DOJ says U.S. Postal Service may send abortion drugs through the mail
Federal law "does not prohibit" mailing of drugs if sender assumes legality of use.
The U.S. Postal Service is free to continue sending abortion drugs through the mail, the Department of Justice has determined, ending speculation as to whether or not the USPS could face legal challenges for doing so.
The Justice Department's Office of Legal Counsel said in a ruling posted online this week that the shipping of the abortion drugs mifepristone or misoprostol through federal channels is not forbidden by the Comstock Act of 1873, which prohibits certain classes of materials from being sent through U.S mail.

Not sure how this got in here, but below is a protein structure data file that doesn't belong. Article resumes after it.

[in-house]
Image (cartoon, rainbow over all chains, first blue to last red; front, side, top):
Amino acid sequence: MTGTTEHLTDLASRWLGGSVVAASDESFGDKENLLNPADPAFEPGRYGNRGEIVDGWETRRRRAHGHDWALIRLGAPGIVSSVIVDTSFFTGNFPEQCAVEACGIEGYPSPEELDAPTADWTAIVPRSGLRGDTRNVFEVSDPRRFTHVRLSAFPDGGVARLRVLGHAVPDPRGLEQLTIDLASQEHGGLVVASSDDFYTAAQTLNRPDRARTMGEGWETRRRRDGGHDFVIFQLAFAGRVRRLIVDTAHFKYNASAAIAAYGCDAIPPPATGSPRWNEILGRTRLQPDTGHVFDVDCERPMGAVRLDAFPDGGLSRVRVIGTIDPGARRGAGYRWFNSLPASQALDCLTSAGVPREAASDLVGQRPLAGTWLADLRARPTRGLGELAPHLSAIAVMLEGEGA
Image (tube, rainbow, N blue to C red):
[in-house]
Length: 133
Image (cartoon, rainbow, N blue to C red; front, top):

The drugs in question have some other uses than abortion, the OLC noted, and thus a sender cannot be forbidden from sending the drugs via USPS if he "lacks the intent that the recipient of the drugs will use them unlawfully."
“[T]there are manifold [legal] ways in which recipients in every state may use these drugs,” the ruling noted, arguing that “the mere mailing of such drugs to a particular jurisdiction is an insufficient basis for concluding that the sender intends them to be used unlawfully.”
The ruling comes alongside the U.S. Food and Drug Administration's determination that pharmacies can sell abortion medication under certain conditions.